After leaving Arkansas, I made a beeline to Brooklyn for the fall.  There, I sublet an apartment from a couple of musicians called the Golden Animals.  They were chic.  The accommodations were shabby.  And this is coming from me who once spent a summer as a volunteer at an orphanage in post-Ceauşescu Romania.  The apartment was so squalid.  I didn’t know what to do.  I called my dad.  “It looks nothing like the pictures on Craigslist!” I wailed.  To which he replied, “You have two options.  Be sad in the squalor or go to the local corner shop, buy some products, and clean it.”  I went out.  I came back.  I cleaned.  Five hours later the place still looked dirty.  But at least it felt clean–er anyway.  
I rewarded myself with a Red Stripe and decided to call Pony.  I knew he lived in Brooklyn like most of my friends.  I just didn’t know where.  Coincidentally, the squat I was renting was just off the street where he and his time-share beagle lived.  He had a beagle that he and his ex-girlfriend got when they were together.  Now that they weren’t, the dog took turns staying with them.  He got a week.  She got a week.  They were just like a divorced family.  And just like the child who hates whomever her divorced parent is dating, so did this little dog loathe me.  To be honest, I didn’t like her much either.  And she wasn’t even that pretty of a beagle which is something he liked to boast.
I hadn’t seen him in a couple weeks and I had no clue about his life in New York.  I didn’t know if he was good at any of the sports he liked to play.  I didn’t know his middle name.  I didn’t know how strict a vegetarian he was.  And I certainly didn’t know if he was seeing anyone.  Which he was.  Which is why he was cagey and why I didn’t understand him leaving town the weekend of my birthday.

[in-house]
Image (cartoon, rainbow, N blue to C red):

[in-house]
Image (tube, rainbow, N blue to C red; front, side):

To celebrate my quarter of a century, my childhood friend, The Queen of Kentucky, organized a dinner for me as well as a party at the top of The Gansevoort.  True to form, I ate too little and drank too much.  I got sick.  I made a French exit and found myself at 60 Thompson.  There, I sought refuge with a photographer friend who was in town for a few days to do a magazine spread with Naomi Watts.  I took over his bed.  I crawled under the covers and moped.  I rang several friends and asked if they wanted to come to my pity party.  Like the best friends in the world, they did.  They even brought me flowers, Magnolia Bakery cupcakes, Cinnamon Toast Crunch cereal, a quart of milk and a plastic tiara.  Never had I felt so sad and loved.  
When the sun rose, so did I.  I quietly gathered my birthday treasures and tiptoed over my sleeping friend.  I hopped in a cab and went back to Brooklyn where the driver dropped me at the corner of Cappuccino and Cannoli.  Fortunato Brothers is not only the best Italian bakery in all of Brooklyn but it’s spitting distance from where I lived.  Which also meant spitting distance from Pony.  Which means I should have known better.  
As I stepped outside, the old men who always loiter there with their snacks, smoking cigarillos and shooting dice, whistled and called to me in Italian.  Sure I was still in last night’s silk, halter, Michele-Pfeiffer-in-Scarface-style, party dress but I emanated death, even with a tiara on top.  I waved and smiled politely.  I felt bad for them if their standards were so low as to harass the likes of me.  Just then a small dog started barking at me from across the street.  I squinted through my glasses.  It was the hateful beagle.
My head throbbed.  The roar of the butterflies was getting to me.  Now I had to deal with this yapping beast?  I knew Pony had spent the weekend with another girl even if he didn’t say so.  The last thing I wanted was to now make small talk with him in the street as his dog glared at me.  I felt like a fucked up, less glamorous version of Holly Golightly at the beginning of Breakfast at Tiffany’s.  
I don’t remember what we said.  I don’t remember my walk home.  I just remember checking my email when I got there and seeing everything I felt summed up in a photo for the first time.  It was a photo of me.  In bed.  Last night.  Wearing my tiara.  Eating a bowl of Cinnamon Toast Crunch cereal.  Crying.  My friend, the Rabbi’s Son, who is wise as an owl, commented.  Chagrinnamon Toast.  That was exactly it.  Sweet and sad just like João Gilberto’s bossa nova.  Or even The Beat’s “Tears of a Clown.”
Until that moment, I had never been able to sum up the kind of person I am or the life experiences I’ve had.  I’ve also never understood why in times of crisis, I always crave cinnamon toast–the real thing or the kids’ cereal.  On the first day of kindergarten which I found extremely stressful, my mother made cinnamon toast for me after school.  Cinnamon is and has always been my palliative.  Kind of like French toast for Conrad in Ordinary People.  When I eat it, I know I’m loved and everything is going to be okay.